Stephen Kum Jew

Learn More
A marked loss of locus ceruleus (LC) neurons is a striking pathological feature of Alzheimer's disease (AD). LC neurons are particularly prone to taking up circulating toxicants such as heavy metals, and hyperphosphorylated tau (tau(HYP)) appears early in these neurons. In an attempt to find out if both heavy metals and tau(HYP) could be damaging LC(More)
BACKGROUND Environmental toxins are suspected to play a role in the pathogenesis of amyotrophic lateral sclerosis (ALS). In an attempt to determine which pathways these toxins can use to enter motor neurons we compared the distribution of mercury in the CNS of a human and of mice that had been exposed to inorganic mercury. RESULTS In the human who had(More)
BACKGROUND The causes of sporadic amyotrophic lateral sclerosis (SALS) and other types of motor neuron disease (MND) remain largely unknown. Heavy metals have long been implicated in MND, and it has recently been shown that inorganic mercury selectively enters human locus ceruleus (LC) and motor neurons. We therefore used silver nitrate autometallography(More)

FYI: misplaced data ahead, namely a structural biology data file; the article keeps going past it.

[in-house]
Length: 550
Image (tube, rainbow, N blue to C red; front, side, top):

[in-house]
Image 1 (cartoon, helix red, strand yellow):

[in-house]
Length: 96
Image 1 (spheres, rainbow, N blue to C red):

Toxic heavy metals have been implicated in the loss of spinal motoneurons in amyotrophic lateral sclerosis/motor neuron disease (ALS/MND). Motoneuron loss in the spinal anterior horn is severe in ALS/MND at the time of death, making this tissue unsuitable for examination. We therefore examined spinal cords of people without muscle weakness to look for any(More)
Amyotrophic lateral sclerosis (ALS) is a devastating late-onset neurodegenerative disorder in which only a small proportion of patients carry an identifiable causative genetic lesion. Despite high heritability estimates, a genetic etiology for most sporadic ALS remains elusive. Here we report the epigenetic profiling of five monozygotic twin pairs(More)
Heavy metals have long been suspected to be involved in the pathogenesis of sporadic amyotrophic lateral sclerosis (SALS), but evidence for their toxic effects on motor neurons is limited. Characteristic mislocalisation of TDP-43 is seen in the motor neurons of patients with SALS, resulting in a lack of nuclear staining and cytoplasmic inclusions. To find(More)
  • 1